Hal Erickson notes at AllMovie: "Spies (Spione) was the first independent production of German 'thriller' director Fritz Lang. The years-ahead-of-its-time plotline involves Russian espionage activity in London. The mastermind is Haghi (Rudolph Klein-Rogge), a supposedly respectable carnival sideshow entertainer. Heading the good guys is Agent 326 (Willy Fritsch), with the help of defecting Russian spy Sonya (Gerda Maurus). The film moves swiftly to several potential climaxes, each one more exciting than its predecessor. Haghi's ultimate demise is a superbly staged Pirandellian vignette. Anticipating Citizen Kane by a dozen years, director Lang dispenses with all transitional dissolves and fade-outs, flat-cutting territory from one scene to another."

Willy Fritsch in Ungarische Rhapsodie
German postcard by Ross Verlag, no. 104/2. Photo: Ufa. Publicity still for Ungarische Rhapsodie/Hungarian Rhapsody (Hanns Schwarz, 1928).

Willy Fritsch and Lilian Harvey
German postcard by Ross Verlag, no. 5510/2, 1930-1931. Photo: Ufa. Publicity still for the early sound film Einbrecher/Burglar (Hanns Schwarz, 1930), in which Fritsch is a burglar who gets an affair with a rich and neglected industrial's wife (Lilian Harvey).

Willy Fritsch
German postcard by Ross Verlag, no. 5858/2, 1930-1931. Photo: Ufa. Publicity still for Im Geheimdienst/In the Employ of the Secret Service (Gustav Ucicky, 1931).

Willy Fritsch
German postcard by Ross Verlag, no. 5858/4, 1930-1931. Photo: Ufa. Publicity still for Im Geheimdienst/In Secret Service (Gustav von Ucicky, 1931), a spy film set in Russia in World War One.

Willy Fritsch in Der Kongress tanzt
German postcard by Ross Verlag, no. 6048/1, 1931. Photo: Ufa Willy Fritsch as the Russian czar Alexander I and his double, in Der Kongress tanzt (Erik Charell, 1931).

Lilian Harvey and Willy Fritsch in Der Kongress tanzt
German postcard by Ross Verlag, no. 131/6. Photo: Ufa. Still with Lilian Harvey and Willy Fritsch in Der Kongress tanzt/The Congress dances (Erik Charell, 1931). Erich Pommer-Produktion, Ufa.

Lilian Harvey


Willy Fritsch took singing lessons in order to prepare himself for the sound film Melodie des Herzens/Melody of the Heart (Hanns Schwarz, 1929) with Dita Parlo.

His breakthrough came after being paired with Lilian Harvey in Liebeswalzer/The Love Waltz (Wilhelm Thiele, 1930) and the two were also engaged privately. Liebeswalzer established Harvey and Fritsch as the immensely popular 'dream team of the German cinema'.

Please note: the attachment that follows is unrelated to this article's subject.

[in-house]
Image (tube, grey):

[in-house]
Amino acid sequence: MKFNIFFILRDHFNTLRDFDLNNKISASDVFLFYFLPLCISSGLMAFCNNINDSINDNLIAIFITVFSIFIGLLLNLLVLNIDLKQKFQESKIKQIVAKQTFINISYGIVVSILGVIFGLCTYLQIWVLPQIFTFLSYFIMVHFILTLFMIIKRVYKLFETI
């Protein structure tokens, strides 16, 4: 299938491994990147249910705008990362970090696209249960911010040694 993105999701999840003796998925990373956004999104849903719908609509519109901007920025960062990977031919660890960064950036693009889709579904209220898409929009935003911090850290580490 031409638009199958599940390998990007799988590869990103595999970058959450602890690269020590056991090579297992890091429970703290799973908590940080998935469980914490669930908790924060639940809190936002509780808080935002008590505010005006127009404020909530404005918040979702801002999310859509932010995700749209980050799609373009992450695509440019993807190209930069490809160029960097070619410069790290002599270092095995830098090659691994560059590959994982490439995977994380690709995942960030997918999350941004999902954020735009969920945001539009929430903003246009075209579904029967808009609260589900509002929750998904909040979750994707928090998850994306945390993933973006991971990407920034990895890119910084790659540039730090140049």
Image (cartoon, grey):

Their next films such as Hokuspokus/Hocuspokus (Gustav Ucicky, 1930), the historical romance Der Kongress tanzt/Congress Dances (Erik Charell, 1931), Ein blonder Traum/A Blonde's Dream (Paul Martin, 1932) - co-written by Billy Wilder, and especially Die Drei von der Tankstelle/Three Good Friends (Wilhelm Thiele, 1930), were huge international box-office hits.

Fritsch and Harvey appeared together in twelve films. Each of these films featured several songs, which became popular hits and were also released on records, and thereby further added to the popularity of the two stars.

Hal Erickson at AllMovie: "If a poll had ever been conducted amongst fans of international musical-comedy star Lillian Harvey, the actress's most popular vehicle would probably have been Die Drei von Der Tankstelle (Three From the Gas Station) - with Congress Dances running a very close second. The story opens as three debt-ridden young men pool what is left of their savings to open a roadside service station. Their most frequent customer is the wealthy, winsome Ms. Harvey, who frequently shows up fetchingly clad in hiking shorts. Each of the young men falls in love with the girl, unbeknownst to the other two. Which one will she choose? Most likely, the one who sings the best - and that would be Lillian Harvey's frequent screen vis-a-vis Willy Fritsch."

Willy Fritsch, Lilian Harvey, Willi Forst, Ein blonder Traum
German postcard by Ross Verlag, no. 143/4. Photo: Ufa. Publicity still of Willy Fritsch, Lilian Harvey and Willi Forst in the musical comedy Ein blonder Traum/Happy Ever After (Paul Martin, 1932).

Willy Fritsch in Walzerkrieg